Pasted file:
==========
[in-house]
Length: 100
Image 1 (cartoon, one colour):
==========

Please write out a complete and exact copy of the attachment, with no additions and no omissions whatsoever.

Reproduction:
[in-house]
Length: 100
Image 1 (cartoon, one colour):